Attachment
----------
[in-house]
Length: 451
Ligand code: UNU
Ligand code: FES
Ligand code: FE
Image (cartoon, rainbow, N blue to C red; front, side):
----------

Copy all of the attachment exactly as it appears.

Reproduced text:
[in-house]
Length: 451
Ligand code: UNU
Ligand code: FES
Ligand code: FE
Image (cartoon, rainbow, N blue to C red; front, side):